Gnarled, old fingers worked their way slowly through the plies of beads until they grasped what they had been seeking. Turning slowly, he thrust his wrinkled hand under my gaze and told me that it was this one bead that had sealed it for him.
“It speaks to my very being,” he said, cradling it gently, but still where I could see. As far as I could tell, there wasnt anything special about the bead. Sure it was beautiful in win its kaleidoscope of colors and shine, but magical? Nope. Something sacred? Not as far as I could tell. But then again, that’s why I was here. For him to guide me and show me.
he thought it was best I slowly introduce me into his ways. I don’t blame him for being cautious, after all I came to him as a skeptic who asked for proof. Unlike many others, hehad decided to lead me through his traditional ways. He, after all, had traveled to the upper and lower worlds on a regular basis so dealing with a skeptic shouldn’t be an issue.
shamans have always lived on the fringe of their societies. Let’s face it “normal” people will always be a bit confused and unsure where shamans are concerned. How can they find helper guides, animals or spirits. How do they manage to do battle in the spirit world? How can you trust one who can fly and steal power if needed?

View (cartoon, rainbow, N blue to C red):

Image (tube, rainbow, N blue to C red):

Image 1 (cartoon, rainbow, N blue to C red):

Granted he had to deal first with the fact that I thought his skills were slight of hand and an ability to make people believe the unbelievable. So while I had been expecting a drink from plants, or perhaps smoke. He instead decided to start with a small bead.
And in a way why not use a bead? Faith normally starts small, it is typically not something you can prove to another person in the same way, but nonetheless it is as real as the bead. It is as beautiful as that bead, as hard and practical too. It’s all a matter of how we see and experience things. And a bead is much like a seed, nothing huge, but full of wonder and hope, growth and purpose.